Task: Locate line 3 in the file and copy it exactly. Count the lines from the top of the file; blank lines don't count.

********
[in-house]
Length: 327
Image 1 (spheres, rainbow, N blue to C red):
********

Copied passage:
Image 1 (spheres, rainbow, N blue to C red):